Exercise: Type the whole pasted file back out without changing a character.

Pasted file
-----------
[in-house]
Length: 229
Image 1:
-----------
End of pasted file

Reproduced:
[in-house]
Length: 229
Image 1: